“In much the same way that a supermarket wouldn’t get away with handing you a trolley full of groceries you don’t want every time you arrived at the checkout, an airline shouldn’t be able to opt you in for products you don’t want or need.

“Signing you up for these extras is little more than marketing trickery. It’s particularly concerning that the airline tries to push its one-size-fits-all travel insurance, which is unlikely to meet to needs of all consumers."

Qantas and Virgin Australia no longer use the opt-in system but CHOICE is calling on Jetstar Australia and New Zealand’s CEO David Hall to ditch the pre-ticked optional extras.

“Jetstar is far and away the worst offender when it comes to sneaky pricing tricks and that’s why we are calling on Jetstar customers to send the airline a message. It’s time we sent pre-ticked optional extras packing,” Godfrey said.

“Ultimately, we don’t think the airlines should be pre-selecting extras for customers. Let people chose any extra costs and don’t try and trick them into paying more.”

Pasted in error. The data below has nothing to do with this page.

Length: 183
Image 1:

So make sure you untick any of those pre-selected extras you don't want and you'll be fine. 

Sunday, 17 January 2016

Tetsuya Wakuda: culinary innovator and ambassador

When I was in Japan recently there were two words that just about everyone I met understood: Tetsuya Wakuda, the Japanese chef who hit the big time in Australia.

 
In Sydney, he's a culinary icon, a survivor for over a quarter of a century in one of the most competitive restaurant markets in the world.

In Singapore, he is the relative newcomer whose tiny eatery keeps garnering award after award.
And in Tasmania, he is just Tets, the gourmet ambassador who can't stay away.